moot court

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moot court

n.
A mock court where hypothetical cases are tried for the training of law students.

moot court

n
1. (Education) a mock court trying hypothetical legal cases
2. (Law) a mock court trying hypothetical legal cases

moot′ court′


n.
a mock court for the conduct of hypothetical legal cases, as for students of law.
[1780–90]
ThesaurusAntonymsRelated WordsSynonymsLegend:
Noun1.moot court - a mock court where law students argue hypothetical cases
court, judicature, tribunal - an assembly (including one or more judges) to conduct judicial business
law, jurisprudence - the collection of rules imposed by authority; "civilization presupposes respect for the law"; "the great problem for jurisprudence to allow freedom while enforcing order"
References in periodicals archive ?
While most moot courts rely upon attorneys to play the role of judges in most rounds of the competition, attorneys are often quite successful at mimicking the sort of questioning that an advocate would be likely to receive from judges.
4) Commentary by appellate practitioners shows considerable interest in moot courts as part of the advocate's preparation.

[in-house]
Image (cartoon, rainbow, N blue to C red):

Their participation followed three months of intense preparation in oral presentations and simulated moot courts under the guidance of LAWC faculty Dr Henry Webb and expert mentoring by Oxford University moot court coordinator Adam Levin.
After concluding this review, the PVA attorney schedules a series of moot courts, or practice oral arguments.
The moot courts offered at Georgetown's Supreme Court Institute are in consequence a resource of broader applicability than is the assistance offered by the Stanford Clinic.
Editorial describes methods to prepare and present "convincing" oral arguments, how to anticipate questions from the bench, structure an opening statement and use moot courts.
These proceedings are called appellate hearings; when simulated, they are called moot courts.
Many of these resources, such as the institutions that stage moot courts, are called upon even by the most experienced repeat players in the Court.
moot courts, types of commonly asked questions; basic approaches to oral argument, common mistakes in oral argument, and common attributes of successful arguments.
Editorial covers: the history of oral argument in the Supreme Court; how to prepare for an argument; common mistakes; how to anticipate the types of questions that may be asked at oral argument; how to structure an opening statement; how to use moot courts to perfect a presentation; case studies of successful approaches and speaking styles.